observer: gotham city by meg INT. WAREHOUSE NIGHT The discordant SCREECH of a wooden chair's being dragged across a concrete floor echoes through the spacious yet deserted warehouse. The tinted lights are dim, some flickering without any discernible pattern. A heavy pair of boots stomp rhythmically as an man makes his way across the room, the chair firmly in his grip. The man, a nameless HENCHMAN type, is who someone with manners would refer to as "burly" or "built." He stops underneath the brightest light in the room, setting the chair down and revealing its occupant. He is wearing a golden "RR" symbol decorating his chest. Despite the sack covering his features, one can still make out his raven hair poking out of the burlap fabric. a uniform of sorts, with black and red details plus HENCHMAN (gruff) Seems like the Batman... is losing his touch RED ROBIN's head twitches underneath the sack. RED ROBIN (muffled) Do I look like Batman to you? The henchman circles the teen like a tiger stalking its prey, if that tiger had one too many antelope dinners. He forces out a deep and planned LAUGH HENCHMAN No, no, no. Much too small, you are Red Robin shifts in his seat. Inaudible muffling can be heard from underneath the sack. HENCHMAN (CONT'D) Shhh, little bird. You must save your breath! Air will get spare quite soon. Henchman LAUGHS again, but this time his voice horribly cracks. He COUGHS quickly, but the damage was done. Red Robin shifts in his seat once more in the following uncomfortable silence. HENCHMAN (CONT'D) So tell me- 2. Henchman tries to restore the tense atmosphere by slipping an obnoxiously sized syringe full of mysterious liquid out of a package hidden in his coat pocket. HENCHMAN (CONT'D) Where is the bat? My employer just wants to... chat. Red Robin drops his head to the side, effectively communicating a "bitch, please" without the spoken word. Henchman menacingly shakes his head as he stalks toward the teen HENCHMAN (CONT'D) I had a feeling you were the dumb robin A voice suddenly cuts through the heavy air. RED HOOD (from above) Damn right! The man drops the syringe in surprise, eliciting CRASH Red Robin perks up at the dialogue, using the hand that was supposedly tied to the splintering wooden chair to lift the sack from his head. a horrid RED ROBIN (yelling) I resent that! More bickering voices start to emerge from the darkened catwalk above the factory floor. The henchman stands stunned SPOILER Hey, don't say that! sensitive. He's ROBIN Weakest Robin, maybe. Getting himself kidnapped by this oaf? Disgraceful RED ROBIN (yelling) We literally planned this! It was your idea! Red Robin starts untying the ropes around his ankles. 3. ROBIN Maybe there's a reason you're always playing kidnapped! RED ROBIN (yelling) Because you guys are jerks? NIGHTWING Hey, I volunteered to be kidnapped this time! BATGIRL Oh, honey. We all know how that would play out. A communal GROAN emits from the batkids as they reminisce on the last time Dick volunteered to play kidnapped. RED HOOD I take it back, Wing's the dumb Robin NIGHTWING OKAY, first of all, not my fault- the fire was The batkids devolve into unintelligible BICKERING. To an outside observer, it would seem as Red Robin is yelling into darkness filled with disembodied voices. Henchman SPUTTERS, unable to form coherent words. HENCHMAN H-hey! You- You can't- ALL BATKIDS (yelling) Shut up! The henchman shuts his gaping mouth with the CLICK of his teeth HENCHΜΑΝ (talking to himself) I 'm not getting out of this, am 1? A pair of white eyes cut through the darkness behind him ΒΑΤΜAΝ No outoftheframework: outoftheframework: so a little fun tidbit about me is that i write screenplays. i challenged myself to write one in fifteen minutes, unedited, and then post it. this is what happened. enjoy? so so so thankful and in awe to the response to this post. I love screenwriting and it would be my pleasure to provide you guys with more high quality work in the future, y’all make me so happy.thank you :)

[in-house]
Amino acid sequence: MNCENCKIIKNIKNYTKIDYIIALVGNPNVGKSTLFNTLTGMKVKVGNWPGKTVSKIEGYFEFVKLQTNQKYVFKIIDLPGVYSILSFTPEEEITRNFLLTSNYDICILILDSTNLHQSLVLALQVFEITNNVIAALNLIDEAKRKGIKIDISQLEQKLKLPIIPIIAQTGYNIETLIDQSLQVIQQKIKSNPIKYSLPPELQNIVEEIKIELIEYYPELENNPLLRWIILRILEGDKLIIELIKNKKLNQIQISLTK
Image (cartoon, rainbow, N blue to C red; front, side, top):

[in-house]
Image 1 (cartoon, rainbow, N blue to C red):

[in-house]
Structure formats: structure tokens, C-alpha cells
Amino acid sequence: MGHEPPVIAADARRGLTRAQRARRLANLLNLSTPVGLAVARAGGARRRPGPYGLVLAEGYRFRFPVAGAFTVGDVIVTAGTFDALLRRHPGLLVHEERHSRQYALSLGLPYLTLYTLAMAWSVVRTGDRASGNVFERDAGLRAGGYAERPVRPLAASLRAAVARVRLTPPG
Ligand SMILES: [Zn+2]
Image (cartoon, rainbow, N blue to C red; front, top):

observer: gotham city